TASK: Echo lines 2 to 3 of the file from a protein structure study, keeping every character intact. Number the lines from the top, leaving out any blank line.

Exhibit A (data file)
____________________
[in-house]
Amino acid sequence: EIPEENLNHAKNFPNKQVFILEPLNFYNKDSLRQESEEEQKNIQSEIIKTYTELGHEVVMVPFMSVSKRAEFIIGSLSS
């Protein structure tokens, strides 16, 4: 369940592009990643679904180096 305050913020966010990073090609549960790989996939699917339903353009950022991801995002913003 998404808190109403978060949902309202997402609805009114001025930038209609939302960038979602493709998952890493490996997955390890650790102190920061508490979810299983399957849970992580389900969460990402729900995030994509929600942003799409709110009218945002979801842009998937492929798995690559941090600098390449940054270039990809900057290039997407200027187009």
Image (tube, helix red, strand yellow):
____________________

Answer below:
Amino acid sequence: EIPEENLNHAKNFPNKQVFILEPLNFYNKDSLRQESEEEQKNIQSEIIKTYTELGHEVVMVPFMSVSKRAEFIIGSLSS
């Protein structure tokens, strides 16, 4: 369940592009990643679904180096 305050913020966010990073090609549960790989996939699917339903353009950022991801995002913003 998404808190109403978060949902309202997402609805009114001025930038209609939302960038979602493709998952890493490996997955390890650790102190920061508490979810299983399957849970992580389900969460990402729900995030994509929600942003799409709110009218945002979801842009998937492929798995690559941090600098390449940054270039990809900057290039997407200027187009």